Confession, they say, is good for the soul, and we have had two important ones recently. Perhaps it is the election of a black man as president of the United States, but more likely it was years of soul-searching and introspection — the kind I like to think many Americans have been doing since Nov. 4 — which caused two hidebound institutions to come forward and apologize for their racist pasts.
You probably heard that Bob Jones University, the private, fundamentalist Christian school in Greenville, issued a statement two weeks ago acknowledging "institutional policies regarding race" which had influenced its attitudes and behavior for half a century. Specifically, BJU did not accept black students until 1971, and its policy against interracial dating was not lifted until nine years ago.
"We failed to accurately represent the Lord and to fulfill the commandment to love others as ourselves," the university declared on its website on Nov. 20. "For these failures we are profoundly sorry."
The BJU statement comes months after the American Medical Association offered a similar mea culpa. From its founding in 1847, until recent decades, the AMA had denied membership to black physicians. More recently, when it did begin to accept minority individuals, it refused to take action against local medical associations which continued to discriminate.
In the July 16 issue of the Journal of the American Medical Association, Ronald M. Davis wrote that many of the organization's questionable actions reflected the "social mores and racial discrimination" that existed for much of the country's history. But, he wrote, that should not excuse such behavior.
These recent apologies come after more than a decade of contrition from other public and private institutions. These have included the states of Alabama, Maryland, North Carolina, New Jersey, Virginia, and Florida and businesses such as Wachovia, which have expressed regret for their roles in slavery. Last year, the governing board of the University of Virginia passed a resolution of "regret for its use of enslaved persons from 1819 to 1865."
In 1997, President Bill Clinton expressed regret for the "Tuskegee experiment," in which U.S. government researchers used black men to study syphilis. Starting in 1932, researchers treating almost 400 men infected with syphilis, gave them placebos and then observed the progression of the disease. The study continued until 1972, when its existence was leaked to the media. Clinton called the study "deeply, profoundly, morally wrong."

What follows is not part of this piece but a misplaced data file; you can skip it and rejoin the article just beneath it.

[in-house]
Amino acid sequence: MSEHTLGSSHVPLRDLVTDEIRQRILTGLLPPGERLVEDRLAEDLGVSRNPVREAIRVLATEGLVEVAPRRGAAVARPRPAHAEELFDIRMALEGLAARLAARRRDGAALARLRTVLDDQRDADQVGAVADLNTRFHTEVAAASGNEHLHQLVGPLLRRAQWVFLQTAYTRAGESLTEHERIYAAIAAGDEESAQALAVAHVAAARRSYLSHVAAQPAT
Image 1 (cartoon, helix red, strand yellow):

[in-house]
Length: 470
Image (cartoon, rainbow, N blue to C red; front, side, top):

In 2005, the Republican Party apologized for its racially tinged "Southern Strategy," which it adopted during Richard Nixon's 1968 campaign.
And there was the 1995 apology of the Southern Baptist Convention for its long history of racism. As part of its 150th anniversary observance, the SBC issued a resolution acknowledging that it was created in 1845 in a schism among American Baptists over the issue of southern slavery. The resolution marked the denomination's first formal acknowledgment that racism played a role in its founding.
The resolution acknowledged that because of the SBC's links to slavery, "our relationship to African-Americans has been hindered from the beginning," and that more recently Southern Baptists "failed in many cases to support and in some cases opposed legitimate initiatives to secure the civil rights of African-Americans."
Yes, a confession is good for the soul, but is an apology sincere if one has not had a change of heart, if one has not learned from past mistakes? I direct this question specifically at Bob Jones University and the Southern Baptist Convention, two deeply conservative religious institutions which influence local politics and culture, yet seem particularly incapable of learning from the past.
The SBC continues to stand by past resolutions rejecting homosexuality as a "lifestyle" and referring to it as a "manifestation of a depraved nature," "a perversion of divine standards and as a violation of nature and natural affections," and "an abomination in the eyes of God." More specifically, it denies full citizenship to homosexuals by opposing same-sex marriages and equivalent unions.
Likewise, BJU's stance on homosexuality is uncompromising. It not only kicked Starbucks off campus because it was seen as "gay-friendly," it threatens its own gay alumni with arrest if they come onto campus. Last year three gay rights activists were arrested for entering the campus.
In justifying their intolerance, both BJU and the SBC cite the same Bible they quoted for generations to excuse slavery and segregation. They were just as righteous and intransigent then as they are today. But I would bet — and I will not be around to collect on this one — that in about 40 years when all the gay rights battles have been won and society has moved on to other issues, BJU and the SBC will offer a meek and irrelevant apology for the hateful things they are saying and doing today.